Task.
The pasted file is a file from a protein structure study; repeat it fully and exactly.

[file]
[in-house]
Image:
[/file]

[in-house]
Image: